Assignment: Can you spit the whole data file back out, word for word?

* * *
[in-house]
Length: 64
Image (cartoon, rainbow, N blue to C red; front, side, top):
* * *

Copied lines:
[in-house]
Length: 64
Image (cartoon, rainbow, N blue to C red; front, side, top):